The first step in the series getting rich 101 is to be happy and feel good.  Most of the millionaires I know and have had the pleasure to meet did not get rich doing something they did not like.  So whatever you are doing you must feel good and be happy doing it.  Sometimes this is just a mind set. Everyone has a bad day or two.  Getting rich is a process for most of us.  This sometimes takes convincing yourself that you are on the right track.  I have jumped into an investment before and then later thought I may have made a mistake.  I had to sit down and clam my own nerves.

Lesson One: If you want to get rich you must be doing something you are happy doing.

I once mentored a guy named Tom.  Tom was a coal miner.  Tom was making around $70,000 a year driving a truck at a coal mine.  Tom came to me one day and asked if I would help him invest his money.  He told me he was not happy working for the mine and wanted to get out.  I asked him what “get out” meant for him.  Did it mean he wanted to quit asap?  Did it mean he wanted to retire early?  I needed to know Toms goals before I could take him anywhere.  Toms answer was that he wanted out of the mine as soon as possible.  He did not want to spend another day there.  So I told him I would look at his financial statement and we could devise a plan.

Toms financial statement was better than many I have seen. Since he had been working at the mine he was making more money that the average person. He had been saving his money in two places one a savings account and two an IRA. He had around $100,000 in the IRA and about $400,000 in his savings. Tom was doing very well for a guy in his mid thirties. Tom had no real assets other than cash and no real liabilities other than a vehicle loan for $19 @ 0% interest.

Looking at this information I thought to myself that Tom had enough money to do something but he did not have enough to fail. My general rule is that if you do not have at least 2 million dollars you do not have enough money to fail. This means that Tom and I had to choose his exit plan wisely. It took me a few weeks and a few more interviews with Tom but I eventually put together an exit plan for Tom. The plan looked like this.

The Plan
Tom was thirty six, his retirement goal was he wanted to retire at age fifty five with an income of ten thousand dollars a month. Tom also wanted to have large bills like a mortgage. Toms last retirement goal was that he wanted to have a large nest egg of cash to fall back on if anything happened. I suggested he have between $500,000 and a million dollars as a goal for his nest egg. Some of you may be thinking this sounds like a pipe dream or a long shot. When I sat down with Tom I thought this was completely in line with where he could go.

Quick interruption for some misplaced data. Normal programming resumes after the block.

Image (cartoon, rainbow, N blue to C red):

With the goals must come an actual plan for making money. I had located a few options for Tom he decided on buying a business and a 4-plex. For all you numbers people the deal looked like this.
Tom and I found a local Laundry business that was for sale for an asking price of $300,000 and generated $85,000 a year. Tom purchased that business for $275,000 this included the property. Tom also purchased a recently build 4-plex. The building had an asking price of $300,000 and generated $57,000 a year. Tom and I negotiated the building down to $269,000. I suggested to Tom that he purchase the business with his savings and put $100,000 down on the 4-plex and get a mortgage for 10 years. This would make his payment around $22,800 a year bringing his net income from the property to around $28,500 a year plus his net income of $85,000 a year from the laundry for a total of $113,500 a year. This income was just under 10,000 a month and that is Toms goal. However Tom also had the goal of the savings. He currently has $25,000 left in savings and $100,000 in his IRA. I suggested he save $40,000 a year for the next 15 years. I know that he could get an average interest rate of at least 5% over 15 years. This would give Tom a nest egg of around 1.1 million in 15 years. By that time his 4-plex would be paid off and that would increase his income to $136,000 a year or $11,358 a month.
Goal 1 to make $10,000 a month during retirement ACHIEVED
Goal 2 to have a nest egg of $500,000-$1,000,000 by age 55 ACHIEVED
Goal 3 Retire by age 55, Tom quit from the coal mine within three months of meeting with me. He increased his monthly income by about $3,500. His retirement goal will be met 4 years early and he will be able to retire by age 51.

Tom may even retire earlier if he decides to sell the properties and that around $2,000,000 cash is enough for him to retire on. Tom did work about 20 hours a week keeping the business and property clean when he first quit the mine. It has been about 8 years and Tom is hiring a management company to care for the 4-plex and just send him his check every month. He says he can sacrifice that 10% for the freedom. This cut his work hours to about 10 a week he thinks that is the perfect amount for a retirement job. Oh yeah his is doing everything as if he is retired by age 44, he will not change one thing from age 44 to retirement. Seems to me he retired at age 44.

Tom took the first step of realizing he could not be happy continuing on at the coal mine. He was lucky enough to have a great savings so he was able to quit. However the first step was knowing he was not happy and finding a plan to get to a place where he could be happy.